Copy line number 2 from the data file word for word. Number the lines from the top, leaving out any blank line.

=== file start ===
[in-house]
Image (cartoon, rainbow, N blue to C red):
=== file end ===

Image (cartoon, rainbow, N blue to C red):